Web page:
Time Out says
“Don’t kill him—wear him down.” Those are among the first words we hear in Abderrahmane Sissako’s devastating African drama Timbuktu, said by a group of gun-toting jihadists as they chase down a fleeing gazelle. The scene sets a chilling tone that’s impossible to shake: Terror, in this case, isn’t about killing the body, but the spirit. Wear an animal down and absolute control is assured.
After this bloodcurdling opening, the film settles into a semirelaxed groove as it sketches in the lives of a small community also under siege. In the west African state of Mali—specifically in the city of Timbuktu—Kidane (Ibrahim Ahmed), a shepherd, lives with his wife and child in the local dunes. When one of Kidane’s cows is tangled in a trawler’s net and is killed by an angry fisherman, the incident upsets a peace that could charitably be termed fragile. Islamic thugs rule the town and preach a bastardized gospel via megaphone: No music, no uncovered female bodies, no soccer—though even these terrorists discuss the career of Zidane in hallowed tones.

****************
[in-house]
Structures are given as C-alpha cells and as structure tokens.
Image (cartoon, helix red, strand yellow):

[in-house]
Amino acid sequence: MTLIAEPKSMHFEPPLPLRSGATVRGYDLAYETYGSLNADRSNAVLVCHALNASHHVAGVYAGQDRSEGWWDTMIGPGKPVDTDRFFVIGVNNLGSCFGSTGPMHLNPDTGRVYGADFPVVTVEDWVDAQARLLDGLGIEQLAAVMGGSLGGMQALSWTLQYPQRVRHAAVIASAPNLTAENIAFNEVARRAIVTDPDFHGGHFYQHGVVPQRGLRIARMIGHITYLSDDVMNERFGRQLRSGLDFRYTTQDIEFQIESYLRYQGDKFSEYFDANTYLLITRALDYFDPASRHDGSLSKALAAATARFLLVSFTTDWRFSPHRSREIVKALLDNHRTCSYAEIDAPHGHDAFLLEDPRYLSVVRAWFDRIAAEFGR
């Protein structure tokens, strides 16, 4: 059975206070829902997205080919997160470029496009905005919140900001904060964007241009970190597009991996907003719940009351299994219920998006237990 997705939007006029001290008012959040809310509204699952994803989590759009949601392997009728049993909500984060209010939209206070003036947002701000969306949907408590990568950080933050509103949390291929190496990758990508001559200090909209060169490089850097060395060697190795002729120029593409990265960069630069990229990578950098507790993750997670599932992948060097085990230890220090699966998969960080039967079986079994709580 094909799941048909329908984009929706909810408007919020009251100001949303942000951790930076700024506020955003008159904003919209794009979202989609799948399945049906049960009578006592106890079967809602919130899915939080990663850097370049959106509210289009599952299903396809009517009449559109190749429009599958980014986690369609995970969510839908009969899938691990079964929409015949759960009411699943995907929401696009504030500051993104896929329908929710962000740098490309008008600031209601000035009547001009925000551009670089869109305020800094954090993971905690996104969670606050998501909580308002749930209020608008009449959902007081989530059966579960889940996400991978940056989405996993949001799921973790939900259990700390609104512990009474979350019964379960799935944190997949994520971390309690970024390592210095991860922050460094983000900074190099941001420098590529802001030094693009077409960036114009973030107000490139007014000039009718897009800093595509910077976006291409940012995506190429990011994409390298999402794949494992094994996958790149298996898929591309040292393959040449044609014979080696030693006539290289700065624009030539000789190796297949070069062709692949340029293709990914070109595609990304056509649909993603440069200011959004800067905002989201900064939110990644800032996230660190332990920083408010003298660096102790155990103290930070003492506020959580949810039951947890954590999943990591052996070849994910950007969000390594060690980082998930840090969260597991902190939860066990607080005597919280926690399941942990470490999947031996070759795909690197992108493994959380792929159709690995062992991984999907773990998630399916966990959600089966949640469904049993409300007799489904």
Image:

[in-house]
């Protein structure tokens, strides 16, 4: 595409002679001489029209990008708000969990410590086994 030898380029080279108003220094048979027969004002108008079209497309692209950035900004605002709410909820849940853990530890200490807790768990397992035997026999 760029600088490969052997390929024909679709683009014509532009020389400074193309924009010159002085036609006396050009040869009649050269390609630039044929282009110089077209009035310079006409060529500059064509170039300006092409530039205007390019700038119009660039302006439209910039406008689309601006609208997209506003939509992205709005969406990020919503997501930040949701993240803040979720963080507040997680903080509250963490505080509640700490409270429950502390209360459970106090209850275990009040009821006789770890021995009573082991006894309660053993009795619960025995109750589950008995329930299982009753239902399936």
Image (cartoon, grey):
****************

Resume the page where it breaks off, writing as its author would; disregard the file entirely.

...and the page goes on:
The residents live with the oppression as best they can, either avoiding contact with the radicals or openly defying them. One woman, clearly nearing insanity, walks around in red high-heels and a flowing dress. The jihadists leave her alone—she’s too far gone to be made an effective example of. Punishment for others runs the gamut from 40 lashes to death by machine gun, though Sissako, with a few blunt-force exceptions, typically refrains from showing violence, preferring to juxtapose cruel acts with poetic images. (The stoning of a married couple is paralleled with a man doing an impassioned interpretive dance, the offscreen noise of rocks smashing flesh perversely acting as rhythmic backbeat.)
Kidane’s inevitable confrontation with the fisherman takes place against a sun-dappled landscape; you can feel the presence of a dispassionate deity in every shimmer of light on water. Sissako’s methods are confrontational, yet never to the point that you feel you’re watching sacrificial lambs instead of people caught in a horrible situation. In this terrible context, madness and death are blessings. It’s living that’s the curse.
Follow Keith Uhlich on Twitter: @keithuhlich
Cast and crew